9. Photo Indiana School for Feeble-Minded Youth, Fort Wayne IN: later known as the State School. Side view from a distance. 1898. reproduced from a printed source. at Allen County Public Library Digital Collections at the Allen County Public Library.
  10. Deaths at Indiana School for Feeble-Minded Youth, Fort Wayne, Indiana (1891-1917) from annual reports at the Indiana Genenealogical Society.
  11. Annual report of the Indiana School for Feeble-Minded Youth Fort Wayne Indiana on Archive.org
    1. Twenty-first Annual Report October 31, 1899
    2. Twenty-seventh Annual Report October 31, 1905
    3. Thirty-third Annual Report September 30, 1911
    4. Forty-first Annual Report September 30, 1919
    5. Forty-second Annual Report September 30, 1920
    6. Forty-fourth Annual Report September 30, 1922
    7. Forty-fifth Annual Report September 30, 1923
  12. "Annual report of the Fort Wayne State School, Fort Wayne, Indiana." search results Annual report of the Indiana School for Feeble-Minded Youth, Ft. Wayne, Indiana, for the fiscal year ending October 31 ..1909-1915 and 1906/07 at Hathi Trust Digital Library with Google digitized copies: 1909-1915 (original from The Ohio State University) or 1919-1924 (original from The Ohio State University)
  13. Indiana School for Feeble-Minded Youth search results and Fort Wayne State School search results at Google eBookshows lots of annual reports only a few are listed here
    1. Annual Report of the Fort Wayne State School Issue 4, 1882
    2. Annual Report of the Fort Wayne State School Issue 9, 1887
    3. Annual Report of the Fort Wayne State School, Fort Wayne, Indiana, 1908
    4. Annual Report of the Fort Wayne State School, Fort Wayne, Indiana 1935
    5. Annual Report of the Fort Wayne State School, 1948
    6. Annual Report of the Fort Wayne State School, Fort Wayne, Indiana, 1950
    7. Annual Report by Fort Wayne State Hospital and Training Center · 1966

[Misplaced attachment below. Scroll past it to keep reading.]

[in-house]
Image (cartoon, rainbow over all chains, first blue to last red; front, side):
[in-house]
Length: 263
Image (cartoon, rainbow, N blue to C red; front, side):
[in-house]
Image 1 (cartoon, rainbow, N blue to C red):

14. Family And Social Services Administration. Disability And Rehabilitative Services, Division of Fort Wayne State Developmental Center at Research Indiana.
  15. Old Fort News Volume 83 - Number 2 -2020
    Old Fort News Volume 83 - Number 2 -2020 The Fort Wayne State Developmental Center The Pace of Educational Change at The History Center. See cover photo at Google.com
  16. Old State School Cemetery Located On IPFW Grounds Feeble-Minded at IPFW An Historic Look at the Grounds was published January 11, 2012 in Vol. 42 Issue 15 of the IPFW student newspaper The Communicator on Purdue University Fort Wayne Helmke Library.mDON: mastodon Digital Object Network .
  17. Fort Wayne State Hospital and Training Center, 1879-1979 book by Bette Peterson and Employee handbook, Fort Wayne State Hospital and Training Center at Indiana State Library from WorldCat.org.
  18. Fort Wayne State Hospital and Training Center 1975 and Fort Wayne State Hospital and Training Center 1979 at Google eBook.
  19. Fort Wayne State Hospital and Training Center, 1879-1979 images Google search results without dates
  20. The history of the Fort Wayne State School for the Feebleminded : Fort Wayne Indiana, 1889-1942 by Evelyn G. Bell, M.A. University of Chicago, School of Social Service Administration 1947 on WorldCat.org.
  21. Indiana School for Feeble Minded Youth ca. 1900 with photo by Randy Harter, Fort Wayne historian and authorpublished May 4, 2017 at Fort Wayne Reader.
  22. Fort Wayne, IN: Indiana School for Feeble Minded Youth (State School) with several photos published July 29, 2020 on Towns and Nature blog.
  23. 2011 and vintage photos on February 23, 2014discussion and album on Vintage Fort Wayne on Facebook
  24. May 29, 2017 post on the original Great Memories and History of Fort Wayne, Indiana page on Facebook.
  25. 1915 legislation to pay $300 to injured brickyard laborer Keith Dickson at a May 22, 1912 incident at the school was the subject in a January 21, 2014 Tuesday Tidbit on Indiana Genealogical Society on Facebook.
  26. Fort Wayne Developmental Center at Wikipedia, The Free Encyclopedia
  27. A Real Classic, Right Here in 'Your Country' by Eric Olson 21Country at 21AliveNews.com Indiana NewsCenter March 25, 2013.
  28. An August 2, 1919 photograph of Scenes on State School Farm Friday When Thousands of Farmers Gathered for Tractor Demonstration on the front page of The News-Sentinel newspapersparked an August 2, 2014 discussion on the original Great Memories and History of Fort Wayne, Indiana page on Facebook.